Wednesday, August 26, 2009

Forthcoming and Noteworthy: Did Blockade Runners Beat the Federal Navy and Prolonge the War?

Entrepot: Government Imports into the Confederate States , Charles L. Webster III, Edinborough Press, 396 pp., $39.95 paperback.

Examining . . . the history of civil war blockade running, this unrivalled compilation reveals the arms, equipment, and clothing brought into the Confederacy during the American Civil War. Detailed and comprehensive, this survey offers month-by-month, cargo-by-cargo descriptions of goods received at multiple locations across the United States. From Savannah, Charleston, and Wilmington to Matamoros, Galveston, and Mobile, this reference lists all distribution—the Belgian-made woolen cloth and English rifles that arrived in the farthest reaches of the Trans-Mississippi and the receipt of thousands of British knapsacks, blankets, and cartridge boxes in the winter camps of the struggling Army of Tennessee. A unique depiction of a perilous trade, this record sheds a dramatic light on the surprising pervasiveness of imported war material as well as the effectiveness and sophistication of the Confederate supply system.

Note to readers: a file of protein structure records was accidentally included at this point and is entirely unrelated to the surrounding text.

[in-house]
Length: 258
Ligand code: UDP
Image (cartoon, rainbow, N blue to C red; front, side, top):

Charles L. Webster III is a historian specializing in the American Civil War and a practicing lawyer. He lives in Houston, Texas.

Text: Edinborough Press

CWL: Entrepot: Government Imports into the Confederate States is to be released the fall and Ray Flowers of the Fort Fisher Historic site states that the book is reader-friendly, well written and researched; Webster answers questions too long unanwsered. Stephen Wise, author of Gate of Hell: Campaign for Charleston Harbor, states that it is a book that rewards researchers, historians, and enthusiasts; this study that considers the impact of military supplies and the logistical system of the Confederacy will stand as valuable resource.

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